Mask characters are validated as they are entered and the insertion point is shifted to the right. When a character is entered or deleted out of sequence (when a digit is inserted or deleted after the phone number has been entered, for example), all nonliteral characters shift either to the right or left. When the shift occurs, if an invalid character replaces the position of a valid character, the ValidationError event is triggered.
For example, suppose the Mask property is defined as "?###", and the current value of the Text property is "A12." If you attempt to insert the letter "B" before the letter "A," the "A" would shift to the right. Since the second value of the input mask requires a number, the letter "A" would cause the control to generate a ValidationError event.
The MaskedEdit control also validates the values of the Text property at run time. If the Text property settings conflict with the input mask, the control generates a run-time error.
You can select text in the same way you would with a standard text box control. When selected text is deleted, the control attempts to shift the remaining characters to the right of the selection. However, any remaining character that might cause a validation error during this shift is deleted, and no ValidationError event is generated.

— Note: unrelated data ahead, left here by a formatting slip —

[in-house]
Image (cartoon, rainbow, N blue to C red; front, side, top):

For More Information See "ValidationError Event."
Using MaskedEdit as a Bound Control
The MaskedEdit control is a bound control. This means that it can be linked to a data control and display field values for the current record in a data set. The MaskedEdit control can also write out values to a data set.
Note When the value of the field referenced by the DataField property is read, it is converted to a Text property string, if possible. If the recordset is updatable, the string is converted to the data type of the field.
The MaskedEdit control has three bound properties: DataChanged, DataField, and DataSource.
For More Information See "Using the ADO Data Control" in "Using Visual Basic's Standard Controls" in the Programmer's Guide for information on using bound controls.